Driving and road safety

Did you know 1 in 5 car accidents are caused by young drivers? Scary statistics like this show it's essential that young people learn how to keep themselves and others safe on the road.

Peer pressure

Peer pressure is the feeling of needing to do certain things to impress the people around you. It's wanting to follow the crowd. 

It can cause you to make dangerous choices that you would normally avoid . Peer pressure can particularly affect young people. 

Peer pressure is proven to have an effect on the driving of young people. New drivers with a car full of passengers of similar age are 4 times more likely to be in a fatal crash, compared with when driving alone. This is caused by young drivers trying to “show off” in front of friends or being distracted and taking more risks.

It's tricky to avoid peer pressure so it's important to be aware of when you could be acting out of character and under the influence of those around you. 

Make sure to always follow the speed limits and rules of the road whether you're alone or in a car full of friends. If you are a passenger  and feel like the driver's actions are being impacted by the other people in the car, remind them of the risks of dangerous driving and encourage responsible behavior.

If you are worried about the choices you make when you are around your friends check out Childline's page on peer pressure to give you more information on how to cope. 

Mobile phones

Using a mobile phone whilst driving can be very distracting. Using any device during driving makes a crash 4 times more likely. As a driver, you should never use your phone when driving. Always wait until you are parked safely in order to reduce the chance of road accidents otherwise you are likely to harm yourself or others.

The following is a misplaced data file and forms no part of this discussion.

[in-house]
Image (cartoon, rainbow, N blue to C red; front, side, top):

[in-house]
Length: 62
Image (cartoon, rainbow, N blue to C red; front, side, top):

The law says that it is illegal to hold and use a device whilst driving, even when queueing in traffic as it is still important to keep your eyes on the road. If you do use a handheld device, you can get 6 penalty points and a £200 fine and you could get taken to court. If you have passed your test in the last 2 years, you will lose your driving license. 

Although it isn’t illegal to use hands free devices (for example sat navs), they can still be very risky because they can take your attention off the road. Only use them if you have to, and make sure to be careful that you stay aware of what’s going on around you.

Alcohol and driving 

Scarily, over 25% of young drivers have admitted to drink driving. 

Drink driving is one of the biggest killers on the road so it's critical for young people to understand what makes it so dangerous. 

Alcohol affects the brain by slowing down reaction time, worsening judgement and reducing coordination.

Even a small amount of alcohol can start to change the way you think, in fact, you might not even notice it happening. It's important to keep in mind that feeling sober does not necessarily make you safe to drive. The  only way to be completely safe when driving is to not drink at all.

It's important to remember that alcohol can stay in your body and impact your driving much later on, or even the next day. After drinking you'll need to wait until you are fully sober to drive and in the meantime find other ways to travel. It's better to be safe than sorry!

The amount of alcohol you can drink to be able to legally drive depends on many different things including height, weight and the type of alcohol. For more info on this use Drinkaware's Unit and Calorie Calculator. 

Drink driving is taken very seriously and being caught would mean up to 6 months in prison, an unlimited fine and a driving ban for at least a year. If your driving led to someone being hurt the consequences, of course, would be much more severe.